Parents facing holiday childcare bill of up to £800

New research has warned that working parents will have to find £828 on average for six weeks of holiday childcare per child this Summer.

Coram Family and Childcare’s 15th annual Holiday Childcare Survey reveals that holiday childcare prices have risen by three per cent since last summer, bringing the average price that parents now pay for one week of holiday childcare to £138 – double the price parents currently pay for after-school clubs during term time.

For most families, this means having to find an extra £484 to cover the summer holidays compared to term time childcare, potentially pushing many families into debt as this money is usually paid in arrears.

Coram also warns that parents also face a ‘postcode lottery’ with huge variation in the costs of holiday childcare across the country. For example, holiday childcare costs are highest in the South East, at an average of £162 per week per child, 37 per cent higher than the North West, where childcare costs are lowest, at £119 per week.

Furthermore, the survey also highlights the substantial gaps in the availability of holiday childcare, as only one in three local authorities in England reports having enough holiday childcare for all parents in their area who work full time. This gap is even bigger for parents of children with disabilities, with 17 per cent of local authorities able to provide enough holiday childcare to meet their needs.

Megan Jarvie, head of Coram Family and Childcare, said: “Working families are being left with few options this summer. The high price and low availability of childcare means that many struggle to stay in work, or can end up paying to work. Families need to see urgent action to fill the gaps in availability and financial support.”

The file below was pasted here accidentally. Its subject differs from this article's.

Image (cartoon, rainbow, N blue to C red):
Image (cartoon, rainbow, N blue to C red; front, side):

Anntoinette Bramble, chair of the Local Government Association’s Children and Young People Board, said: “Reductions in government grants mean councils find it increasingly difficult to provide their own childcare schemes, but are working closely with their communities and providers to support families in need of holiday childcare. This includes asking schools to stay open, encouraging providers to offer affordable schemes, and working with businesses to explore more flexible working hours for parents and carers.

“Unfortunately we know many childcare providers are struggling, as funding for free early childcare fails to cover the costs of delivery. We urge the government to use the upcoming Spending Review to invest vital funding into making sure parents and carers can access the right childcare when they need it.”